# 11 Differences between a Column and a Strut (MUST KNOW)

A structural member subjected to axial compressive load is known as strut. It may be a horizontal, vertical, or inclined member. However, a vertical strut designers provide in building is known as column. Hence, strut and column, both are structural members and are subjected to axial compressive load. But still there’re number of differences between column and strut.

The main difference between column and strut is that column exists as a part of a frame structure whereas a strut is a structural member of a truss system.

So, let’s explore how two differs from each other:

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## Strut:

A strut is a structural member that only takes compressive force while the bending moment is zero in it. Anyhow, it is supported by hinged or pin jointed supports at both the ends. We use this type of structural compressive member in different types of trusses.

A strut can fall in two categories – continuous or discontinuous. So, if it is spanning between two supports, then it is called as discontinuous strut. On the other hand, if it consists of more than two supports or gussets plate, it is called as continuous strut.

So, we can conclude that strut is the compressive member of the truss structure that is used in the bridge trusses and roof trusses. The distance between two points of strut is know as its effective length. Ratio of its effective length to least radius of gyration is known as slenderness ratio.

Also Read: Difference between Short Column and long Column

Anyhow, in case of strut, slenderness ration is usually more than 20. While designing struts, you must consider slenderness ratio, and it must be greater than following values in case of different loads:

Strut may be horizontal, vertical, and inclined. Its cross-sectional area may include circular section, tubular section, I-section, T-section, Channels, or compound section. It is subjected to axial compressive force only and there’s no gravity loading.

Also Read: 14 Types of Columns in construction

## Column

A column usually bears series of different loadings apart from mere axial compressive load. Depending on the type of structure, a column may bear gravity load, bending moment, shear force, buckling, and horizontal load. The horizontal load may be a result of earthquake and wind load.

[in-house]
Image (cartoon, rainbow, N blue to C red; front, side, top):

Column is a compressive member of frame structure which can be of steel or concrete. We design columns to carry compressive forces. A column failure is due to following stresses in it:

• Direct Compressive Stress
• Buckling Stresses
• Combination of direct and buckling stress

Also Read: Types of Building Structure in Civil Engineering with images

Difference between two points of column is known as effective length. Ratio of effective length to least radius of gyration is known as slenderness ratio. Depending upon slenderness ratio and mode of failure column is divided into:

• short column
• intermediate column
• long column

### Short Column:

When slenderness ratio is less than 12, it is known as short column. Its failure mode is because of compressive stress and is subjected to crushing.

### Long Column:

When slenderness ratio is more than 50, it is known as long column. Its failure mode is because of buckling stress and is failed because of buckling.

### Intermediate Column:

When slenderness ratio is between 12 to 50, it is known as intermediate column it is fail because of buckling as well as compression stresses.

## Difference between Column and Strut in tabular form:

 Column Strut Column is compressive member of frame structure It is compressive member of truss structure It is design for only compressive force It is designed for compressive force as well as tension force It is subjected to axial load and sometime horizontal load in case of earthquake or wind load. It is subjected to only axial load and bending moment is zero It is subjected to buckling It is not subjected to buckling It is always vertical compressive member It can be horizontal, vertical, or inclined member. In case of column design, ratio of effective length to diameter is greater than 3 In case of strut design, ratio of effective length to diameter is less than 3 Column is subjected to gravity load Strut is not subjected to gravity load Load can be applied anywhere throughout the column Cross sectional dimensions of column are large Load is only applied at the joint in case of strut Cross sectional dimensions of struts are small Columns are used in steel or concrete buildings. Struts are use in roof trusses and bridge trusses Slenderness ratio of columns is low Slenderness ratio of strut is high A column generally fails due to buckling. A strut generally fails as a result of crushing.

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